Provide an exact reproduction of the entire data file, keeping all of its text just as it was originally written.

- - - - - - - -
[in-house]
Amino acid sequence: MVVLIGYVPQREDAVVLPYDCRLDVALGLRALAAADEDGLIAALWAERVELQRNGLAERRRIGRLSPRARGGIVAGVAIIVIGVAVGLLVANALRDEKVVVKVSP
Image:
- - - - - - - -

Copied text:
[in-house]
Amino acid sequence: MVVLIGYVPQREDAVVLPYDCRLDVALGLRALAAADEDGLIAALWAERVELQRNGLAERRRIGRLSPRARGGIVAGVAIIVIGVAVGLLVANALRDEKVVVKVSP
Image: